February 2009 and winter is dragging on. Most of the RetroTours bikes are fit but it’s too cold to ride very much. At least I can sit here by the fire and read these magazines, including the Vintage Japanese Motorcycle monthly. Leafing endlessly through the classifieds provides unlimited entertainment even when there is absolutely no intention to buy. Here’s a pretty stock looking KZ750. I had been considering this model as a RetroTours fleet candidate. It would contrast nicely with the W3 650; they are from opposite ends of a decade of intense development. While the 650 was little more than an upgrade of an existing British design from the 50’s, the KZ750 represents the cutting edge technology of the day applied to the classic vertical twin. Double overhead camshafts, counter-balancers, disc brakes, up to date suspension and sophisticated electrics offer real performance potential, while Japanese build quality assures dependability and an oil tight engine. Plus Japanese bikes are so much more responsive to routine recommissioning: parts and service information are available and the internet can fill in any gaps quite nicely. The process of restoration becomes almost a routine. The fleet really could do with another reliable representative from Team Green.
The trouble is the price: it’s about 30% too high given that even a machine that looks great in an ad is, more than likely, still going to need steering bearings, fork seals, shocks, brakes, tires, a chain, a battery and lots of cleaning and detailing. That’s just the way it is. Still, it wouldn’t hurt to call the guy and talk about it. Long story short, we negotiated, the accessories came off and the price came down. Todd and I piled into the pickup truck and drove non stop to mid Ohio where I took a freezing cold 2 mile test run, paid my cash and loaded up my new bike for the non stop drive home; a 20 hour round trip.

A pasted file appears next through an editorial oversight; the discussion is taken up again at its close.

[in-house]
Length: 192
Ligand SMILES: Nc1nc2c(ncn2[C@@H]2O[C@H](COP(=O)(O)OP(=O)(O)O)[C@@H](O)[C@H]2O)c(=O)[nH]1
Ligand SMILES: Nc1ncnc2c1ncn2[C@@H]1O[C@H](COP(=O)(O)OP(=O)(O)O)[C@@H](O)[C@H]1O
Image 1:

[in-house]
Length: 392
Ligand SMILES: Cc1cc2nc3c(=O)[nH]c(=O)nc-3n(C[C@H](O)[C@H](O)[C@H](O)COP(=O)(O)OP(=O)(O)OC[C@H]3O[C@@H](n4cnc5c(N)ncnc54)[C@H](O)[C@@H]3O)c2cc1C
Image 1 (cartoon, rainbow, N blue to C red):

After catching up on my sleep, I put the bike on the lift and went over things from end to end, eventually performing all of the above listed maintenance chores and more. Come spring and I was ready for some more serious road testing eventually culminating in this bike’s first RetroTour. It’s done 4 or 5 trips since and save for a starter clutch problem that was easily set right the KZ has lived up to it’s potential for reliable performance. Electric starting is always a joy and this bike backs it up with a kick starter. The exhaust note is very macho: just what you’d expect from a 750cc twin. While the front and rear disc brakes may not be up to modern standards, they are more than adequate. The smoothness of the engine is a revelation; it never ever seems busy, buzzy or stressed. The power band is so broad that the 5 speed transmission seems redundant: just twist and go. If anything, the KZ suffers from that same quirk that seems to affect many of the motorcycles from Japan: it’s so good at everything that it becomes almost bland.
But before modifying this bike by adding character building faults, wind up that engine a bit, exploiting the 8,000 RPM redline enabled by the DOHC design. You will be thrilled at the way it pulls and pulls and then pulls some more. With the Ikon rear shocks and modern compound brake pads the chassis is also willing. With the KZ750 you can have it both ways: a relaxed big twin lope or an intense cascade up through the gearbox. In either mode Kawasaki reliability combines with a comfortable seating position and vibration free engine to insure that you can enjoy it all day long.